1. It showcases young talent.
While other networks use 35-year-olds in the place of high school freshmen, ABC Family’s series skew younger. Oh, sure, there’s still some age inappropriate casting (I love my Pretty Little Liars!), but these shows are largely filled with actors playing their ages. There’s also space for talented newcomers: one of Bunheads’ standout performers is 17-year-old Julia Goldani Telles, who plays Sasha. While she’s an accomplished dancer, this is her first acting role.
2. It doesn’t dumb anything down.
Honestly, sister series Pretty Little Liars and The Lying Game are tough to follow. That’s kind of the point. But it’s refreshing to see teen series that are this complex and involved. Other shows dumb things down to the point of throwing continuity out the window — the characters flit about from one another as the plot sees fit. But ABC Family series are invested in telling long, drawn-out stories that actually require our full attention.
3. It doesn’t shy away from heavy themes.
Perhaps more to the point: ABC Family shows take those heavy themes and handle them with frankness and respect. Plenty of other teen dramas have given us teen pregnancy, drug addiction, and abuse, but ABC Family series are especially adept at approaching these issues head-on and not backing down. It’s not about sensationalizing so much as normalizing, treating each theme as a real-life issue worthy of examination. Which is what they are.
4. It appeals to our retro sensibilities.
Though I’m mostly watching ABC Family for the teen content, I can also appreciate what they’re doing with series like Melissa & Joey, whose selling point is giving us ’90s icons Melissa Joan Hart and Joey Lawrence. ABC Family’s programming, while largely directed at teens, is also geared toward twentysomethings — those of us who do remember the ’90s and talk about it often, probably to an annoying extent.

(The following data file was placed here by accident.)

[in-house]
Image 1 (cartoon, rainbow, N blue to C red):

5. It knows its audience.
Which is to say: a whole lot of women and gay men. Like Lifetime and Bravo, ABC Family has embraced its audience and made sure to give us plenty of eye candy (in the form of hunky shirtless stars). Is that the most significant thing about ABC Family? Hardly. But on a purely shallow level, it’s appreciated. And hey, with so much objectification of women happening elsewhere on TV, it’s nice to flip to a channel where the half-naked men are front and center.
6. It offers strong, complex LGBT characters.
GLAAD has frequently commended ABC Family for its LGBT representation, bestowing the coveted “Excellent” rating on the network in 2011. It shouldn’t be such a pleasant surprise that ABC Family series give us same-sex relationships with actual physical contact, and yet, it’s a major contrast to the sexless gay pairings we see on so many other shows. More to the point, these characters are never stereotypes and have plenty of characteristics past their sexual identities.
7. It’s a great place for diversity on the whole.
It’s not just about LGBT representation: ABC Family has also earned high marks for its representation of characters of color and characters with disabilities. There is no sense of tokenism here — instead, shows like Switched at Birth create a complex world in which a character’s disability is both central to the story and secondary. It’s not preachy: it just is. That is a valuable approach, particularly when diversity of all kinds remains a serious problem on TV.
8. It’s the closest thing we have to The WB.
Sorry, CW. I know you’re trying hard, but with the exception of a couple standouts, you’re just not the network The WB was. ABC Family, on the other hand, is picking up where the ’90s teen network left off. Bunheads isn’t Gilmore Girls, but it’s as easy to get lost in Paradise as it was in Stars Hollow. There’s a joy and youthful energy to these series that is rare these days — next to Dawson’s Creek reruns, this is your best bet.
- Chris Froome won the Tour de France. He's the first Brit to win the cycling race three times 🚴